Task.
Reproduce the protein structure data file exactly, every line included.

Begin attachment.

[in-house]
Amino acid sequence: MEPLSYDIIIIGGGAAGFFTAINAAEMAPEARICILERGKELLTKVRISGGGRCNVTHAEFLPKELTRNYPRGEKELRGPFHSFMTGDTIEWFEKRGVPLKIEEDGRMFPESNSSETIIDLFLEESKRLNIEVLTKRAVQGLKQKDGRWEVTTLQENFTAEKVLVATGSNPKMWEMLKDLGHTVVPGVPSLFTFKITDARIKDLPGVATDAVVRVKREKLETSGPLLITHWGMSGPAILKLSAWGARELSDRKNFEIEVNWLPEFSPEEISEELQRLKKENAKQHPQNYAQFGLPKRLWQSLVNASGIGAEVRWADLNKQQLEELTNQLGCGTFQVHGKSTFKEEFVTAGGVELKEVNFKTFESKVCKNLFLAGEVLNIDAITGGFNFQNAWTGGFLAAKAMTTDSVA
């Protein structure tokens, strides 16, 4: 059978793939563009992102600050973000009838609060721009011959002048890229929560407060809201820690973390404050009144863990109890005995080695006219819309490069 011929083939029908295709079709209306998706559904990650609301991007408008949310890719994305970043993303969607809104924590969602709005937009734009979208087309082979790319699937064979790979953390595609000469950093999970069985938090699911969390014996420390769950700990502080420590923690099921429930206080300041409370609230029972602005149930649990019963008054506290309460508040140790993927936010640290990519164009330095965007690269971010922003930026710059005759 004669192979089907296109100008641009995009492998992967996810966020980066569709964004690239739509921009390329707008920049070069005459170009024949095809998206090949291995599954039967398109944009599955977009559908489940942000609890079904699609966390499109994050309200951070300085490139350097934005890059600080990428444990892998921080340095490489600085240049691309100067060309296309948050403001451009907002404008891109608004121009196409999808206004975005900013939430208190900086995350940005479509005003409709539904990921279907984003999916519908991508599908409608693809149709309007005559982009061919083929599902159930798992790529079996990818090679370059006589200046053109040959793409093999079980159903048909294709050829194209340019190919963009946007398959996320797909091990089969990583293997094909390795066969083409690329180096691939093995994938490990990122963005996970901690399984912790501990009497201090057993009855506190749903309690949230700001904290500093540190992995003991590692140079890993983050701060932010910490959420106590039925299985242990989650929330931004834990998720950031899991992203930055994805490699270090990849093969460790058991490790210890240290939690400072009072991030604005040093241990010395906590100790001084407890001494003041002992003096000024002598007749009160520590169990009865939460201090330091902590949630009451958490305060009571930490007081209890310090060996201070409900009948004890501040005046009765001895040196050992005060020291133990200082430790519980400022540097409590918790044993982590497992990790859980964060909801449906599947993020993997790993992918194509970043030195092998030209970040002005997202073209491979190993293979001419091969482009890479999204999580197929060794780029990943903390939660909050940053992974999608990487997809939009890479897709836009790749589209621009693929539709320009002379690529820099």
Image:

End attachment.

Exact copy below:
[in-house]
Amino acid sequence: MEPLSYDIIIIGGGAAGFFTAINAAEMAPEARICILERGKELLTKVRISGGGRCNVTHAEFLPKELTRNYPRGEKELRGPFHSFMTGDTIEWFEKRGVPLKIEEDGRMFPESNSSETIIDLFLEESKRLNIEVLTKRAVQGLKQKDGRWEVTTLQENFTAEKVLVATGSNPKMWEMLKDLGHTVVPGVPSLFTFKITDARIKDLPGVATDAVVRVKREKLETSGPLLITHWGMSGPAILKLSAWGARELSDRKNFEIEVNWLPEFSPEEISEELQRLKKENAKQHPQNYAQFGLPKRLWQSLVNASGIGAEVRWADLNKQQLEELTNQLGCGTFQVHGKSTFKEEFVTAGGVELKEVNFKTFESKVCKNLFLAGEVLNIDAITGGFNFQNAWTGGFLAAKAMTTDSVA
């Protein structure tokens, strides 16, 4: 059978793939563009992102600050973000009838609060721009011959002048890229929560407060809201820690973390404050009144863990109890005995080695006219819309490069 011929083939029908295709079709209306998706559904990650609301991007408008949310890719994305970043993303969607809104924590969602709005937009734009979208087309082979790319699937064979790979953390595609000469950093999970069985938090699911969390014996420390769950700990502080420590923690099921429930206080300041409370609230029972602005149930649990019963008054506290309460508040140790993927936010640290990519164009330095965007690269971010922003930026710059005759 004669192979089907296109100008641009995009492998992967996810966020980066569709964004690239739509921009390329707008920049070069005459170009024949095809998206090949291995599954039967398109944009599955977009559908489940942000609890079904699609966390499109994050309200951070300085490139350097934005890059600080990428444990892998921080340095490489600085240049691309100067060309296309948050403001451009907002404008891109608004121009196409999808206004975005900013939430208190900086995350940005479509005003409709539904990921279907984003999916519908991508599908409608693809149709309007005559982009061919083929599902159930798992790529079996990818090679370059006589200046053109040959793409093999079980159903048909294709050829194209340019190919963009946007398959996320797909091990089969990583293997094909390795066969083409690329180096691939093995994938490990990122963005996970901690399984912790501990009497201090057993009855506190749903309690949230700001904290500093540190992995003991590692140079890993983050701060932010910490959420106590039925299985242990989650929330931004834990998720950031899991992203930055994805490699270090990849093969460790058991490790210890240290939690400072009072991030604005040093241990010395906590100790001084407890001494003041002992003096000024002598007749009160520590169990009865939460201090330091902590949630009451958490305060009571930490007081209890310090060996201070409900009948004890501040005046009765001895040196050992005060020291133990200082430790519980400022540097409590918790044993982590497992990790859980964060909801449906599947993020993997790993992918194509970043030195092998030209970040002005997202073209491979190993293979001419091969482009890479999204999580197929060794780029990943903390939660909050940053992974999608990487997809939009890479897709836009790749589209621009693929539709320009002379690529820099």
Image: